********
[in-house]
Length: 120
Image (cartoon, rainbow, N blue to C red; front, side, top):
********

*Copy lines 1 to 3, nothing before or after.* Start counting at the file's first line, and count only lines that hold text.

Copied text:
[in-house]
Length: 120
Image (cartoon, rainbow, N blue to C red; front, side, top):